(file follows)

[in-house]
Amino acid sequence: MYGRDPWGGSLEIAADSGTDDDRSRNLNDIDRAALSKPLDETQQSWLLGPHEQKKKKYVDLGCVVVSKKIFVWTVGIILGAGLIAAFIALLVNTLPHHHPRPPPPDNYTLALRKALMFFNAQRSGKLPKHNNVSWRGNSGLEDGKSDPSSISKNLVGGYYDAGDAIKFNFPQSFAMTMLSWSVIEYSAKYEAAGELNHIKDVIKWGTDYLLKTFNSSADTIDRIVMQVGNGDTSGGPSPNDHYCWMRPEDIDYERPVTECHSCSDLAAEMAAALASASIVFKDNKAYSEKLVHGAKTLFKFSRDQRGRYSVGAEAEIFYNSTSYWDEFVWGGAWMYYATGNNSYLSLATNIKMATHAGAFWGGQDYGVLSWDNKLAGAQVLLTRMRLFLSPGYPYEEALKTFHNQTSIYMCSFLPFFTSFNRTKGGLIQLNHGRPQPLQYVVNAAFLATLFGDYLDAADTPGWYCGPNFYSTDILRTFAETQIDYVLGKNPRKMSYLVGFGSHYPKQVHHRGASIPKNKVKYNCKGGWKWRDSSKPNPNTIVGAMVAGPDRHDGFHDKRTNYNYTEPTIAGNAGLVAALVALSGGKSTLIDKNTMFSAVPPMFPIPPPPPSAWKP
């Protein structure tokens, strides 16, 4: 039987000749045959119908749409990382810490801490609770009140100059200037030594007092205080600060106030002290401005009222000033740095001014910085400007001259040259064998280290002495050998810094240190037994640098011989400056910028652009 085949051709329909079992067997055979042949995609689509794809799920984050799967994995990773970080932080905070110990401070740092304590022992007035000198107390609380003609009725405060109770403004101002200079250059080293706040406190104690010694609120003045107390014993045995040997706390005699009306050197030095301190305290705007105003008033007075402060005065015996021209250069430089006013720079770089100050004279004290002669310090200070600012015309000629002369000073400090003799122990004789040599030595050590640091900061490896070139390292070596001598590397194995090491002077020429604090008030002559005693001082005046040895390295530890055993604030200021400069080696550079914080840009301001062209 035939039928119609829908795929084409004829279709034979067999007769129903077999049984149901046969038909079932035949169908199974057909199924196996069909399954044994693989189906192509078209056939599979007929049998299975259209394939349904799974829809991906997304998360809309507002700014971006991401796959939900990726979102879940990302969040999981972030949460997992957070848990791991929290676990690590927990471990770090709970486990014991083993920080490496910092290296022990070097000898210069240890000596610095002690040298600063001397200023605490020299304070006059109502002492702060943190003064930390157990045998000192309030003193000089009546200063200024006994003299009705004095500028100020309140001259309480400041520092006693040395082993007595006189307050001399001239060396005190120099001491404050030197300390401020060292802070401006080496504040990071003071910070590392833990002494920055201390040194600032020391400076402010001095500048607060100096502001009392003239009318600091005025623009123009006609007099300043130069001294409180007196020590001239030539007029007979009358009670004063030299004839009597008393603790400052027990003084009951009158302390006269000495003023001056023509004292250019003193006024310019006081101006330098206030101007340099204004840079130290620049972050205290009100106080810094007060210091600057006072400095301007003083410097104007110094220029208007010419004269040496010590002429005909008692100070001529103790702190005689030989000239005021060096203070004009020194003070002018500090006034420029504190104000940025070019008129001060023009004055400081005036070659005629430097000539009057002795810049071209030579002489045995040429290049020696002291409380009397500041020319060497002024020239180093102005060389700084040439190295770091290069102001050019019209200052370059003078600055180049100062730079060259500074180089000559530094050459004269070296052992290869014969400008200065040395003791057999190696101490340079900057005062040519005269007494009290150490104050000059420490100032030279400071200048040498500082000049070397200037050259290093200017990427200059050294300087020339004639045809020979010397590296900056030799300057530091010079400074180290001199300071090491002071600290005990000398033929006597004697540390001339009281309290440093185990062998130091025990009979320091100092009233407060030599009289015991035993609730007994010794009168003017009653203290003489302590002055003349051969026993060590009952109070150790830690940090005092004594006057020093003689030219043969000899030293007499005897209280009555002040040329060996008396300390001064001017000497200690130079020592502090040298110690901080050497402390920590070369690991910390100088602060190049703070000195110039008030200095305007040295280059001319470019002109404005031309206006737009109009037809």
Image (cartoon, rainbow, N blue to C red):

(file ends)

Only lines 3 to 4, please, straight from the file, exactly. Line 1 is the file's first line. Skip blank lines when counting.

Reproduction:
């Protein structure tokens, strides 16, 4: 039987000749045959119908749409990382810490801490609770009140100059200037030594007092205080600060106030002290401005009222000033740095001014910085400007001259040259064998280290002495050998810094240190037994640098011989400056910028652009 085949051709329909079992067997055979042949995609689509794809799920984050799967994995990773970080932080905070110990401070740092304590022992007035000198107390609380003609009725405060109770403004101002200079250059080293706040406190104690010694609120003045107390014993045995040997706390005699009306050197030095301190305290705007105003008033007075402060005065015996021209250069430089006013720079770089100050004279004290002669310090200070600012015309000629002369000073400090003799122990004789040599030595050590640091900061490896070139390292070596001598590397194995090491002077020429604090008030002559005693001082005046040895390295530890055993604030200021400069080696550079914080840009301001062209 035939039928119609829908795929084409004829279709034979067999007769129903077999049984149901046969038909079932035949169908199974057909199924196996069909399954044994693989189906192509078209056939599979007929049998299975259209394939349904799974829809991906997304998360809309507002700014971006991401796959939900990726979102879940990302969040999981972030949460997992957070848990791991929290676990690590927990471990770090709970486990014991083993920080490496910092290296022990070097000898210069240890000596610095002690040298600063001397200023605490020299304070006059109502002492702060943190003064930390157990045998000192309030003193000089009546200063200024006994003299009705004095500028100020309140001259309480400041520092006693040395082993007595006189307050001399001239060396005190120099001491404050030197300390401020060292802070401006080496504040990071003071910070590392833990002494920055201390040194600032020391400076402010001095500048607060100096502001009392003239009318600091005025623009123009006609007099300043130069001294409180007196020590001239030539007029007979009358009670004063030299004839009597008393603790400052027990003084009951009158302390006269000495003023001056023509004292250019003193006024310019006081101006330098206030101007340099204004840079130290620049972050205290009100106080810094007060210091600057006072400095301007003083410097104007110094220029208007010419004269040496010590002429005909008692100070001529103790702190005689030989000239005021060096203070004009020194003070002018500090006034420029504190104000940025070019008129001060023009004055400081005036070659005629430097000539009057002795810049071209030579002489045995040429290049020696002291409380009397500041020319060497002024020239180093102005060389700084040439190295770091290069102001050019019209200052370059003078600055180049100062730079060259500074180089000559530094050459004269070296052992290869014969400008200065040395003791057999190696101490340079900057005062040519005269007494009290150490104050000059420490100032030279400071200048040498500082000049070397200037050259290093200017990427200059050294300087020339004639045809020979010397590296900056030799300057530091010079400074180290001199300071090491002071600290005990000398033929006597004697540390001339009281309290440093185990062998130091025990009979320091100092009233407060030599009289015991035993609730007994010794009168003017009653203290003489302590002055003349051969026993060590009952109070150790830690940090005092004594006057020093003689030219043969000899030293007499005897209280009555002040040329060996008396300390001064001017000497200690130079020592502090040298110690901080050497402390920590070369690991910390100088602060190049703070000195110039008030200095305007040295280059001319470019002109404005031309206006737009109009037809």
Image (cartoon, rainbow, N blue to C red):